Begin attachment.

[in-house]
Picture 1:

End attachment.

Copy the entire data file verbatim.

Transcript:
[in-house]
Picture 1: